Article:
“An order directing the 1st Defendant to forthwith revert the lopsided appointments complained about in the security and quasi security agencies and immediately take steps to appoint persons from other states and geopolitical zones, in line with the provisions of the 1999 Constitution (as amended) of the Federal Republic of Nigeria, as amended.
“An order directing the 1st Defendant to forthwith reverse the lopsided appointments made in the public service, diplomatic service and other principal Representatives of Nigeria abroad.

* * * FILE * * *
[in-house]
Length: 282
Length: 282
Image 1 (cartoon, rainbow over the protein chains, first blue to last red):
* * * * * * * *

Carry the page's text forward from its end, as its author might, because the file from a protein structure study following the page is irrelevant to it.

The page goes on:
“An order suspending any further admission of Africans into Nigeria without e-visas, the requisite visas or e-migrant visas, until the adequate border control guidelines, training and bilateral reciprocity and waivers are agreed upon”.
The plaintiffs urged the court to award N50 billion against the Defendants as punitive, aggravated and exemplary damages to the constituents of the Plaintiffs for the illegal, wrongful discriminatory and unconstitutional acts committed by the 1st Defendant against the people of the Plaintiffs’ states and geopolitical zones.
Meantime, Justice Okon Abang has fixed July 10 to hear the case, even as he directed Chief Mike Ozekhome, who represented the plaintiffs on Monday to serve the court processes on all the defendants in the matter.